The Court released its final merits decisions for the 2019 term on Thursday 7/9/2020. We released the Stat Pack the following day which includes a bevy of statistical analyses tracking the decisions from this past term. The accompanying post begins:
A Supreme Court term unlike any other has finally come to an end. In March, some observers thought the term would end early after the court shut its doors and postponed oral arguments — the first time since the 1919 Spanish Flu outbreak that the court closed due to a pandemic. Instead, the term lasted longer than usual, extending well into July for the first time in decades. And in May, the court heard remote arguments over the telephone with a public live audio feed for the first time ever. Those 10 arguments in May were the first time since 1997 that the court heard May arguments — and they represent the largest number of May arguments the court has heard since 1961.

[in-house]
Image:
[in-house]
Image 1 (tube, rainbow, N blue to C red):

Opinion releases in July are also an unusual twist. Probably due to the court’s delayed argument calendar, the court released seven signed opinions in July, along with two unsigned opinions. The last time the court had issued any decision in July was on July 1, 2014, when it released an unsigned opinion in Williams v. Johnson. And prior to this year, the court’s last signed decision in July was United States v. Winstar in 1996. The last time the court released at least nine decisions in July was in 1986 under Chief Justice Warren Burger.
This term saw the fewest signed decisions in over 100 years. The 53 signed decisions represent the court’s lowest number since 41 in OT 1862 during the Civil War. Prior to that, you have to go back to OT 1849 to find another term with fewer than 53 signed decisions (you can find a more detailed discussion of these numbers here).
You can continuing reading and find the accompanying statistics at this link